Media release

Coalition must not buckle to 60-day dispensing scare campaign

The Australian Medical Association has called on the federal opposition to clarify its position on 60-day dispensing saying an “observer would easily conclude the opposition was opposed to the policy” and was capitulating in the face of an irresponsible scare campaign. 

Elderly hands with medications

There is growing concern the Coalition will try and block the government’s policy in the Senate, denying patients saving up to $180 per year on selected Pharmaceutical Benefits Scheme (PBS) funded medicines.

In a letter to opposition leader Peter Dutton, AMA President Professor Steve Robson said it appeared the opposition had given in to an orchestrated scare campaign that puts profits before patients.

“The current scare campaign makes some grossly irresponsible claims and pharmacy owners have a long history of opposition to 60-day dispensing, despite the significant benefits for patients” Professor Robson said.

The AMA’s letter says the Coalition had previously caved in following a similar scare campaign on the same policy when it was last in government, adding that this had left patients paying unnecessary out-of-pocket costs for their medicines.

Professor Robson said the AMA was deeply concerned the Coalition would perpetuate the situation by seeking to block the government’s changes.

“60-day dispensing will deliver significant benefits for patients and the health system. By making medications more affordable, patients will be more likely to get their prescriptions filled and to take these medications as required. Better medication compliance will help keep people well and lighten the load on our health system, particularly our hospitals.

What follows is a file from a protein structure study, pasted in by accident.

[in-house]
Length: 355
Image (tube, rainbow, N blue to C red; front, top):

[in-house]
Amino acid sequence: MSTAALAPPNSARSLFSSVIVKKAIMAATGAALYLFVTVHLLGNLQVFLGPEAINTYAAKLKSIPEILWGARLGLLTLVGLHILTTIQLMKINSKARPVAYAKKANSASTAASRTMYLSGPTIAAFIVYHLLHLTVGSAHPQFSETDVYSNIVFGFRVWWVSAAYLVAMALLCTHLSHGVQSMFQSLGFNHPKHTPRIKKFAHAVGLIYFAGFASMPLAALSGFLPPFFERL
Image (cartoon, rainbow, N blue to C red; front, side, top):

“From a workforce perspective, the policy means fewer visits to a GP, freeing up appointments for other patients and supporting GPs to spend more time with those patients that have more complex health care needs.”

Professor Robson said the AMA would be extremely disappointed if the Coalition sought to block the measure, adding that its failure to implement 60-day dispensing together with a history of cuts to health funding while in government, including the extended Medicare freeze, had undeniably led to increased out-of-pocket costs for patients.

“At a time when many people are struggling with cost-of-living pressures, the public positioning of the Coalition on 60-day dispensing suggests they are intent on having patients continue to absorb unnecessary financial pain with all the negative consequences this brings in terms of access to health care,” Professor Robson said.

“This policy was recommended by the independent Pharmaceutical Benefits Advisory Committee, an expert body. It has enormous benefits to the community and must be introduced.”

The AMA also welcomes the government’s recent decision to increase funding even further for rural pharmacies as part of efforts to support the transition to the new 60-day dispensing arrangements.


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